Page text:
If you want to read about my entire Western Colorado road trip check out my blog post HERE!
I left Denver on a Thursday morning and arrived soon after at the park’s ranger pay station. I have an annual state parks pass sticker on my front windshield, so I passed through without stopping.
The park is very small and so is its parking lot. I pulled into the last open space around 11 a.m. I leashed up my dog, Maria, and we set out on the trail into dense forest. It is a very short walk from the parking lot to the bottom of the falls, and we could hear the water rushing the entire time.
If you would like to watch more from my visit to Rifle Falls State Park please head over to my YouTube channel HERE!
We walked through the trees up to a platform where we finally lay our eyes on the falls for the first time. I was blown away. Everything around the water was incredibly lush and green. It seemed like we were exploring a tropical oasis instead of the Colorado mountains, and I couldn’t wait to see more.
The sounds, sights, and smells excited Maria, and she led me up a path that took us behind the falls.
We could feel the mist blowing off the falls as we explored behind the falls. Maria and I stayed on the trail and discovered a cave! The falls cut through limestone rock and hollows out and erodes the rock shaping it into caves. Maria sniffed out the cool air blowing through the rocks, and we squeezed our way in!
The walls of rock opened up to a dome of natural formations poking out from floor to ceiling. We walked and crawled around as much as we could before Maria led me back into the sunlight. This was just the first cave of many we would find and explore at Rifle Falls State Park
Next, we took a staircase and followed a path along the cliffside and eventually to the top of the falls! Along the way, sturdy platforms developed by the Colorado Parks and Wildlife Department allowed us to look down into the magnificent area.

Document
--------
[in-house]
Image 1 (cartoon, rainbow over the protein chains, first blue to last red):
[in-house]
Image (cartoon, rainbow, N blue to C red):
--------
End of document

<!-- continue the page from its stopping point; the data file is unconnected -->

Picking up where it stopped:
The trail then led us above and over the falls. Maria hopped in the water as quickly as she could, but I pulled her out, so we could take the bridge to the other side of the water. The views from above were spectacular even when I discovered that one of the falls isn’t natural.
The water’s power was once harnessed to power the nearby town of Rifle’s mining operations, and one of the falls still flows through an old pipe. One of the walkways has a sign that explains the piping system and gives a good view of it. I was disappointed by this unnatural feature and ready to keep walking.
Maria and I followed the Coyote Trail to the fish hatchery area. We didn't realize the trail would lead us away from the falls, but it was a nice change of scenery. We saw people fishing and explored more into the park’s canyon area. We saw birds and butterflies flying around the sanctuary area before we finally descended and approached the waterfalls head-on.
I didn’t believe that the falls could look any more beautiful than they had from the other viewpoints, but I was absolutely blown away as we stood at their base.
The water that flowed from them was crystal clear, and dozens of fish could be seen swimming in it. Flowers were blooming on all of the bushes surrounding the falls; all being fed by the light mist blowing around and creating rainbows in the sky. I felt as if I were walking in the Garden of Eden.
You can watch more from my afternoon in Rifle Falls State Park on my YouTube channel HERE!
Talkin' 'bout Tacos:
I'm Taylor, aka Tacos! I am sharing my journeys and experiences from across the world hoping to inspire travel and adventure in all who read.